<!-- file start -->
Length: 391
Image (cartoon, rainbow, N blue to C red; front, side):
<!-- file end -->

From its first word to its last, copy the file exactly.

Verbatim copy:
Length: 391
Image (cartoon, rainbow, N blue to C red; front, side):